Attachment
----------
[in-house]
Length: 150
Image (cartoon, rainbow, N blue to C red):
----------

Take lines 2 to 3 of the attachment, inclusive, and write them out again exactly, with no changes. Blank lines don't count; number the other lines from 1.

Length: 150
Image (cartoon, rainbow, N blue to C red):